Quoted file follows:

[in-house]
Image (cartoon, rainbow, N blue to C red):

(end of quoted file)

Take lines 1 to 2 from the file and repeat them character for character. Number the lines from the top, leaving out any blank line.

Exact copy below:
[in-house]
Image (cartoon, rainbow, N blue to C red):